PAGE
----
by Simone Orendain
MANILA, Philippines (CNS) — Philippine church environmentalists hope to gather momentum after taking training from a U.S. firm to become “climate warriors.”
The seminar by former Vice President Al Gore’s Climate Reality Project was designed to support participants in their talks with lawmakers as they communicate the urgency of climate change with the intent of helping the Philippines attain its intention to reduce 70 percent of greenhouse gases by 2030.
Lou Arsenio, coordinator of the Manila Archdiocese Ecology Ministry and an environmental advocate for the church for 20 years, said she was glad to have access to the updated and extensive research from Gore’s group. She said at the conference she was finally seeing something that could get Filipinos engaged.
“This might really be the steppingstone toward massive education on climate change,” Arsenio told Catholic News Service. “We have been hit by . . . very catastrophic calamities, but we know that Filipinos don’t — it seems that the experience doesn’t fully sink in, or it might sink in, and then it just disappears after everything is back to normal.”
Arsenio said a dozen volunteers from her office who regularly go around the archdiocese to speak about ways to lessen the effects of climate change attended the sessions. She estimated about 50 Catholic church workers attended, as well as members of other faiths.
The Philippines, made up of more than 7,100 islands, is hit by an average of 20 major tropical storms each year; in recent years, the storms have gotten more powerful either with greater amounts of rain or punishing winds, all blamed on climate change.
The country consistently ranks in the top three on the World Risk Report for disaster-prone countries. In 2013, the strongest cyclone ever to make landfall, Typhoon Haiyan, smashed its way across the central Philippines, leaving at least 7,300 people dead or missing.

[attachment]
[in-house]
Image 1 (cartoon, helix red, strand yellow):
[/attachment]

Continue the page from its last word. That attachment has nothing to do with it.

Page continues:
During a panel discussion with Philippine climate and environment officials, Gore noted that Haiyan changed the role of the country in “the international dialogue” on climate change.
“And your colleagues have continued to build on that momentum. The rest of the world listens when the Philippines speaks on this issue,” Gore said.
His presentation drew the connection between rising global temperatures and more powerful rains, prolonged droughts and melting glaciers that, in turn, have had an impact on economies, food security, public health, political stability and cause the poor to become even more vulnerable.
Gore showed a slide of Pope Francis’ 2015 visit to Tacloban, the city hardest hit by Haiyan, and he flashed quotes from the pope’s environmental encyclical, “Laudato Si’, on Care for Our Common Home.”
“I’m not a Catholic, but I could become a Catholic because of [Pope Francis],” quipped Gore. “That’s not a declaration of formal change, but I must say, I really admire his message of Jesus Christ . . . and part of the message of what he conveyed when he went to Tacloban, and as he conveyed it in his powerful encyclical . . . was that the greatest effects are suffered by the poorest.”
Augustinian Recollects Brother Jaazeal Jakosalem, director of the Recoletos Institute for Disaster and Environmental Management in Cebu, told CNS there has been a shift in recent years in how talk of heading off climate change is being presented.
“It’s a moral obligation already, to act on the climate, even getting the message of the pope into [Gore’s] message, like ‘Laudato Si’,'” said Brother Jakosalem, who on March 16 won the Climate Reality Project’s first Climate Leadership Award for Climate Action. “This has become a message not only in the Philippines but also around the globe, that there is a connection between the Arctic and Tacloban.”
Jesuit Father Edwin Gariguez, a Goldman Environmental Prize winner who heads Caritas Philippines, told CNS having Gore’s backing gives weight to church campaigns against contracts for new coal power plants that the government continues to award. He gave a presentation highlighting the church’s role in the climate-change conversation.
“[It] is an urgent issue that is clearly related to our Christian responsibility to care for the earth and to care for the poor and vulnerable in our midst. The social teachings of the church are replete with pastoral exhortations invoking . . . environmental stewardship, social and intergenerational justice, [and] the use of earth’s resources for common good and for authentic development,” he said in his talk.
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